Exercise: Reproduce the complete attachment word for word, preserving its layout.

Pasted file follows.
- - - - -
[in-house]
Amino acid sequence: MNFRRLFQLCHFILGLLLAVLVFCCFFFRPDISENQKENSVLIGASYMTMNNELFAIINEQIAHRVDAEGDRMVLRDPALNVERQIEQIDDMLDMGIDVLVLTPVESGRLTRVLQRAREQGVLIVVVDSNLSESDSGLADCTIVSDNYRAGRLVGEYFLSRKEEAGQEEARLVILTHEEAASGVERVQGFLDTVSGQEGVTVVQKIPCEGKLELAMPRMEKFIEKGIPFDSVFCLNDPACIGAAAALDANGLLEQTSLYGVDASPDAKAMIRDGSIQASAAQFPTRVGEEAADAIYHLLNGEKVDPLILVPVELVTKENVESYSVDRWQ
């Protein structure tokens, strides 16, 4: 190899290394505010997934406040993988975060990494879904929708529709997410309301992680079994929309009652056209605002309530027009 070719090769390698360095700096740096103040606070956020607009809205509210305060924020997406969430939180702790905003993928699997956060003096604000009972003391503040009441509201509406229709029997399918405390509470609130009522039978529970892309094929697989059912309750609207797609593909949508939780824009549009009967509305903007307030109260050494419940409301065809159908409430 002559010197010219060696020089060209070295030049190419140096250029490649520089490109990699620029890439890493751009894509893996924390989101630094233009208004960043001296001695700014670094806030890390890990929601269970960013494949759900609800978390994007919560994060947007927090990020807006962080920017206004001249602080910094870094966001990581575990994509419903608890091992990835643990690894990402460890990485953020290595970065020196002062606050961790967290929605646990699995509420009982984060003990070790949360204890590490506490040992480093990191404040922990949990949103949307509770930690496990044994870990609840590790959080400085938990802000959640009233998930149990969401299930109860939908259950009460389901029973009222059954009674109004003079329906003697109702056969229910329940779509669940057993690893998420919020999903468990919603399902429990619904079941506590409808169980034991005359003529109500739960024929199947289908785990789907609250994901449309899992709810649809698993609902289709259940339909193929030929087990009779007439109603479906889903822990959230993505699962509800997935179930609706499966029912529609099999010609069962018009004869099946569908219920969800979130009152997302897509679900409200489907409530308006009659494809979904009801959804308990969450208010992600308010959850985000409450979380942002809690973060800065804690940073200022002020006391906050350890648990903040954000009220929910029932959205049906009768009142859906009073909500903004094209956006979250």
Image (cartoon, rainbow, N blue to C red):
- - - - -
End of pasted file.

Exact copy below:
[in-house]
Amino acid sequence: MNFRRLFQLCHFILGLLLAVLVFCCFFFRPDISENQKENSVLIGASYMTMNNELFAIINEQIAHRVDAEGDRMVLRDPALNVERQIEQIDDMLDMGIDVLVLTPVESGRLTRVLQRAREQGVLIVVVDSNLSESDSGLADCTIVSDNYRAGRLVGEYFLSRKEEAGQEEARLVILTHEEAASGVERVQGFLDTVSGQEGVTVVQKIPCEGKLELAMPRMEKFIEKGIPFDSVFCLNDPACIGAAAALDANGLLEQTSLYGVDASPDAKAMIRDGSIQASAAQFPTRVGEEAADAIYHLLNGEKVDPLILVPVELVTKENVESYSVDRWQ
């Protein structure tokens, strides 16, 4: 190899290394505010997934406040993988975060990494879904929708529709997410309301992680079994929309009652056209605002309530027009 070719090769390698360095700096740096103040606070956020607009809205509210305060924020997406969430939180702790905003993928699997956060003096604000009972003391503040009441509201509406229709029997399918405390509470609130009522039978529970892309094929697989059912309750609207797609593909949508939780824009549009009967509305903007307030109260050494419940409301065809159908409430 002559010197010219060696020089060209070295030049190419140096250029490649520089490109990699620029890439890493751009894509893996924390989101630094233009208004960043001296001695700014670094806030890390890990929601269970960013494949759900609800978390994007919560994060947007927090990020807006962080920017206004001249602080910094870094966001990581575990994509419903608890091992990835643990690894990402460890990485953020290595970065020196002062606050961790967290929605646990699995509420009982984060003990070790949360204890590490506490040992480093990191404040922990949990949103949307509770930690496990044994870990609840590790959080400085938990802000959640009233998930149990969401299930109860939908259950009460389901029973009222059954009674109004003079329906003697109702056969229910329940779509669940057993690893998420919020999903468990919603399902429990619904079941506590409808169980034991005359003529109500739960024929199947289908785990789907609250994901449309899992709810649809698993609902289709259940339909193929030929087990009779007439109603479906889903822990959230993505699962509800997935179930609706499966029912529609099999010609069962018009004869099946569908219920969800979130009152997302897509679900409200489907409530308006009659494809979904009801959804308990969450208010992600308010959850985000409450979380942002809690973060800065804690940073200022002020006391906050350890648990903040954000009220929910029932959205049906009768009142859906009073909500903004094209956006979250």
Image (cartoon, rainbow, N blue to C red):